Type 1 Diabetes and Committed Relationships

Type 1 diabetes (T1D) can add a new layer to your relationships. In addition to the physical symptoms, the emotional and social effects of the disease can be challenging to manage. If you’re in a committed relationship, your type 1 diabetes has probably come up — maybe even more often than you would like. Type 1 diabetes is a big part of your life, so it’s only natural that it will play a role in your partner’s life as well. Any committed relationship requires cooperation, communication and compromise — and it’s no different when you or your partner has type 1 diabetes. Having the tools to make things work with your significant other while managing your type 1 diabetes will improve both your relationship and your diabetes management. 

Cooperation and Communication

Committed relationships take teamwork, and those where one of the partners has type 1 diabetes are no different. Sometimes, managing the disease will be a team effort between you and your partner. Other times you will need space to manage your diabetes alone. Both partners need to be honest and understanding about what is helpful and what is not. The clearer you are with your partner, the easier it will be for them to meet your needs. 
Communication, combined with self-awareness, can do wonders. Here’s a few examples of how this might take shape in your relationship: 

  • If you’re feeling on edge, remember that your blood sugar can affect your mood. Knowing where your blood sugar is and communicating its impact to your partner can be helpful. For example, if you get short-tempered when you experience a low, your partner will better understand how to support you. Both you and your partner should be aware of the possibility of mood swings and their potential impact on communication. Sometimes during a heated discussion, the best thing you or your partner can do is step back and assess how your mood is impacting the situation. 

  • Don’t feel like you have to conceal your pain or frustrations. Telling your partner about the emotional and physical tolls of your diabetes management can help them further understand your state of mind. Plus, it allows them to react accordingly. The less they have to guess about how you might be feeling, the more you two can enjoy and support one another. Fostering open and honest communication will also help your partner be more comfortable sharing how they feel about your type 1 diabetes.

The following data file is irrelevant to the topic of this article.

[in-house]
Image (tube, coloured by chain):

Relationships, in general, require give-and-take. In some cases, you might be able to meet your partner halfway. You can develop a strategy for changing meal times, exercise schedules and more. All committed relationships are about making adjustments and occasional compromises. And with type 1 diabetes your partner may feel that they are making more compromises than you are. But through open communication channel and productive conversations with each other you will be able to find your rhythm and get used to managing your type 1 diabetes together.

Putting It All Together

Though it’s tempting to pretend that type 1 diabetes doesn’t play a role in your relationship, it’s important to keep in mind that it does. Your type 1 diabetes isn’t something you need to grapple with in private. Healthy diabetes management is an open and constant part of you and your partner’s life.  
It’s your type 1 diabetes, your management and your health. But that doesn’t mean you can’t work through it with your significant other. Remember, your partner is there for you and willing to help you along the away. It won’t always be easy but with cooperation and communication, it will get easier.  

A Note to Partners of Those with Type 1 Diabetes 

Be supportive and be patient. Educate yourself by asking questions about things you don’t understand and consider getting involved in communities where others talk about and discuss type 1 diabetes. This is a very personal condition, but at the same time, it’s tough to live with it alone. Make sure you are there to help and support, not to become overly critical of your partner – even if they are facing difficulties with disease management.  
A solid sense of self, combined with an honest and supportive relationship, make all facets of diabetes management easier. That being said, it is important to be able to talk through all of the joys and the challenges of being in a committed, intimate relationship with someone who has type 1 diabetes.